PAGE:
FINISHED! Undercover Marthe

I have been working on some more culottes but I needed a break from them so decided to sew up the other piece of Liberty of London Linford Fleece I had in my stash.  It takes up quite a bit of room and I thought I might be able to make up another garment to take overseas.  I'm also off to Melbourne on Wednesday for the day and I have every intention of adding to my stash there!  This Rachel de Thame fleece came from Tessuti. I bought it off an instagram photo and was so over joyed when it arrived because, to be honest I wasn't exactly sure what fabric I was buying at the time and I have been really wanting this one.
Fabric story: Liberty of London's AW13 Five Senses collection contains a capsule pertaining to Taste. Rachel de Thame was designed by Central Saint Martins’ student Morgan Levy. The leaves are taken from blackberries, which can be used to create natural dyes. Rachel de Thame, a judge of the 2011 Central St. Martin collaboration, selected this design. 
When I made up the Republic du Chiffon Marthe blouse recently I always had in mind that I might use this pattern to sew up the fleece.  This year I have been obsessed with this silhouette and while I like the Marthe as you know I was a bit disappointed with the size of the neck. That, I should say hasn't stopped me wearing it constantly on the weekends. It really is a great weekend blouse. Anyway, I also had in mind that I wanted to add a hood to the pattern to make it a really snuggly make. 

Well, snuggly it is. Instead of the Marthe pattern, I returned to the Papercut Patterns undercover hood pattern, which I've made up here and here.  I raised the neck ever so slightly on the pattern and used the hood piece. The hood piece is heavy as it is two pieces of fleece, but I really like it.  I cut a piece the width of the fabric for the peplum and gathered to fit.   The Marthe curves this seam a bit but I cut just it straight, similar to my wildflowers make. 
Where I could, I top stitched the seams, including at the raglan sleeves, the neck and the gathered 'skirt'. I had a bit of a brain lapse and didn't overlock the sleeves, but hopefully they won't fray.  The wrists and hem are turned under then stitched with a twin needle. I keep reaching for a kangaroo pocket in this top, but I think that might have been just a bit too much.  

While it is probably a predictable make for me, I love it and can't wait for the temperature to drop!

FINISHED! Snuggly Saxby Dress

I bought 1.5 m of Saxby (colourway B) Liberty Linford Fleece from the Workroom back in the middle of winter here and because it took a little while to come all the way from Canada, once it arrived, I had moved onto Spring sewing.  Funnily enough with temperatures in the mid to late 30's on Friday, I became 'winter inspired' again and decided my next project was going to be to cut into my precious fleece.  It's not all madness as we are off to France for 6 weeks in December, so my mind has turned momentarily to what I should make/pack for the trip and today the temperature plummeted so it was perfect weather to sew up a cosy outfit.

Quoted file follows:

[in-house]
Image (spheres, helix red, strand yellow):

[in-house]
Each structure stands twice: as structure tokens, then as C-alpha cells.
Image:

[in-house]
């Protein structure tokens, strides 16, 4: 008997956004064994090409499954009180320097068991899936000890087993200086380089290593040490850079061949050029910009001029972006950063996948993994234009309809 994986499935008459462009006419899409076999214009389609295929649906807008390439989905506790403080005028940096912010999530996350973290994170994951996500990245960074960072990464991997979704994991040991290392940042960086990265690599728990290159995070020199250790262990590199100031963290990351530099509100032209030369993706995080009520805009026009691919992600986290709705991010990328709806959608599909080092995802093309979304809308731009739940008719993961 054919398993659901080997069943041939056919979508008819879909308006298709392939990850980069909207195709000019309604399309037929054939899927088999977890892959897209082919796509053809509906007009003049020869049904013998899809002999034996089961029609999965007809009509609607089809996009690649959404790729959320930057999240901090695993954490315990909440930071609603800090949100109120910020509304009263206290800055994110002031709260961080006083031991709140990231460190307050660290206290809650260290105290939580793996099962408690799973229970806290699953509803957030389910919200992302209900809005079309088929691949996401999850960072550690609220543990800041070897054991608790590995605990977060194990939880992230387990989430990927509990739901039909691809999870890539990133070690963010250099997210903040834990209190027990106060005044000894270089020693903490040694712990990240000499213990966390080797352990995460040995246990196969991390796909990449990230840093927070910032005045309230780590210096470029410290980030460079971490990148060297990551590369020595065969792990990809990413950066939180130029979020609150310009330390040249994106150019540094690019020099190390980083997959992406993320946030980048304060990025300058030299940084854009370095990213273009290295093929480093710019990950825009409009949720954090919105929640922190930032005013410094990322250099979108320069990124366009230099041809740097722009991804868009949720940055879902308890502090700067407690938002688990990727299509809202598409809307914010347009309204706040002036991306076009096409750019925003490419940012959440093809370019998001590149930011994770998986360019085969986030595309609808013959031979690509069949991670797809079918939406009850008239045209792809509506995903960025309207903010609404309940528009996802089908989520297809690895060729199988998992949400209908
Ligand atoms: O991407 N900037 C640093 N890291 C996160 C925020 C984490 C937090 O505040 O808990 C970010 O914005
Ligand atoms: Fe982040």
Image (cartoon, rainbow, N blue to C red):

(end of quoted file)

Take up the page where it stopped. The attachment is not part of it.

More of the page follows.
This is my first ever piece of Liberty Linford Fleece and it feels so snuggly. Oh so cosy! The print is Saxby and is from the Liberty Art Fabrics Collection AW 14.  The design was inspired by the decorative bird life at Mount Stuart in Scotland, in particular the parrots in the drawing room. To design the print, the birds were painted onto canvas in a loose, free style, and then merged to create a rich feather texture.
When I bought this piece I really didn't know what I was going to do with it. I don't really sew that much in fleece (although I also have another piece of Liberty Linford Fleece so watch this space!), but inspiration struck and I've sewn up a dress. I probably could have just sewn it up as a Coco, but instead I pulled out my hacked Kanerva I used to make my frocktails dress and used that as the base.  It is a medium/heavyweight with no significant stretch so I sewed it up with the darts and everything. 
I added navy ribbing to the neck and wrists, to make it even more snuggly. I worried that maybe it made it too sporty? but I kind of like it. There isn't really anything else to say about the construction, other than I added vilene bias tape to the hem for stability which worked a treat and then I double stitched it. I haven't top stitched the neck down but I'll see if it needs it.
Will it get packed in my suitcase for France? It might. It's snuggly, warm and comfortable and goes with my boots!

FINISHED! Ciara Marthe Blouse

The new Republique du Chiffon pattern, the Marthe Blouse was released last week and it quickly sky rocketed to the top of my sewing list. I adore the lose peplum style and while it is not dissimilar to the top I made from Liberty Wildflowers a few months ago, which had turned into one of my most worn tops, I thought the raglan sleeves might add interest and I was interested in making a top that had a higher neck. I was taken in with the line drawing and the fabulous photos.